Chronic pain can be affected by many factors, including the weather, your diet, your activity levels, and more. Physical factors play a significant role in pain, but mental factors can also have an impact. Stress is a powerful force that can cause many health issues. People who experience high levels of stress or who suffer from Post-Traumatic Stress Disorder (PTSD) are at a higher risk of chronic pain.
What is Chronic Pain?
Chronic pain is prolonged physical pain that lasts far longer than the natural healing process should allow. The pain may be caused by injuries, inflammation, or neuralgias and neuropathies (disorders of the nerves). In some cases, though, there is no physical cause for the pain. This pain may reduce your ability to move freely, hinder your normal functioning, and can lead to pain medication addictions. Chronic pain may also cause emotional distress, mood changes, depression, and anxiety.
The Effects of Emotional Stress
Stress can cause a number of physical ailments, including ulcers, irritable bowel syndrome, and headaches. It also is a contributing factor to chronic pain. It can be a difficult cycle to break, since stress causes pain, and pain causes more stress. When pain sufferers are stressed, they may tense up, which can cause pain to worsen.
In addition to the cycle of tension and pain, stress can lead to psychosomatic symptoms. Psychosomatic issues are physical symptoms whose roots lie in emotional pain or stress. When a person experiences a traumatic event, their nervous system goes into survival mode, and the sympathetic nervous reaction is to flood the body with cortisol, a stress hormone. This increases blood pressure and blood sugar to give you the energy to fight or flee. After the danger is over, your body should return to the parasympathetic state, which allows the body to relax. In the parasympathetic state, digestion is restored, blood pressure is lowered, blood sugar returns to normal, your body flushes out the remaining cortisol and adrenaline, and your immune system’s healing function resumes again.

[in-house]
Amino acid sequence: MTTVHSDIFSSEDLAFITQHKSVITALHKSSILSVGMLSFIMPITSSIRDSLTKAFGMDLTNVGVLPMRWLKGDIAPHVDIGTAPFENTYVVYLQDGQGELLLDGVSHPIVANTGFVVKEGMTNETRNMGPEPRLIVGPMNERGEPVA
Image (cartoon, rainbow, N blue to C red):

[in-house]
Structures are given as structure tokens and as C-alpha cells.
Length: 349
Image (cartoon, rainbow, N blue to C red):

Constant stress, such as that experienced by PTSD sufferers, can keep the body in survival mode. Continued exposure to cortisol, such as what occurs when you suffer a trauma and have unresolved emotional issues from it, can reduce your body’s ability to heal and cause tension. In turn, this can cause physical and ongoing pain.
Managing Pain with Psychotherapy and Physical Therapy
If you are a trauma victim, chronic pain may be a sign that you are still suffering mentally from your experiences. Even if you are not the victim of trauma, chronic pain can be traumatizing. If you are struggling with chronic pain, a combination of mental and physical treatments may be effective. Exercises can build strength and mobility in tired muscles and help relieve tension. Physical therapy is an important part of pain treatment, and can address many of the physical issues of pain.
Psychotherapy may be used to support your physical therapy regimen. Talk therapy can help you address any trauma or emotional issues that may be contributing to your pain. It can also serve as an outlet to express your frustrations and feelings about your pain and help you learn to reframe your thoughts in a way that supports your healing.
Learn More About Your Pain Treatment Options – (630) 426-3270
Chronic pain can be debilitating and traumatizing for sufferers. In addition to the distress of constant pain, you may have difficulty going about your daily tasks and living your life. Our Bolingbrook non-surgical pain management team is ready to help you find a treatment plan that is right for you. At ProMed Pain Rehabilitation Institute, our state-of-the-art facility and cutting-edge treatments can help you live your life without chronic pain.
Schedule an appointment to learn more. Contact our offices at (630) 426-3270.